Basically, I wanted to tell everyone when my birthday was so I could get lots of presents. That never happened, but I did realise that French was MUCH harder than I had expected and that I needed a book from this century.

When I started French at the Ministry of Education Language Centre, the curriculum was gruelling and the language seemed more foreign than ever. I started to fail at a subject that I genuinely found interesting and loved! I realised I needed to truly immerse myself in the language. I was on a mission. Here are some tips that really helped me:

  1. Une tasse pas un verre.
    I translated my house. I put up French translations for items and rooms all over my house. For a good three years, each room in my house, every kitchen item and every piece of furniture had a sticker with its French translation. Thanks to this nifty trick, I was constantly revising my vocabulary!
  2. I watched movies and listened to music
    This was probably the most fun part of learning a new language. I got to use it as a reason to watch TV or listen to music! Granted most of the French shows I managed to rent or CDs I bought were extremely old, but it was very useful when it came to getting pronunciation and inflection in my speech. Since then, my oral exams have always been my forte.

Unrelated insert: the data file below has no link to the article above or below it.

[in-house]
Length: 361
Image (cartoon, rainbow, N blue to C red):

3. Aidez-moi!
    Most of the students at the MOELC are top students from the top schools who qualified to take a foreign language as a third language. Therefore, mother tongue-in-lieu students were rare. So, the gap between the learning ability of the top students and myself was, many a time, wide. It was understandable that my class teacher was busy catering to the needs of many students and couldn’t always explain to me why they say “J’ai chaud” instead of “Je suis chaud”. I knew it would be important to get a teacher who could focus their attention on me and, more importantly, motivate me to learn my verbs.

Like all happy endings, I improved, but took a lot of blood, sweat and tears. Through my journey in French, I have discovered that:

  1. My true love is not a croissant, but brioche.
  2. The French movies and songs I used to listen to were probably older than my mother.
  3. The francophonie Français is so huge that French is spoken on almost every continent.

I have used my French knowledge to help me get exchange opportunities during my university, apply for jobs and even land clients, even though I don’t work for an international company. I have found that learning a foreign language has helped me understand my own mother tongue and even the English language better. Apart from the undeniable benefits to brain function, learning French helps me think more logically.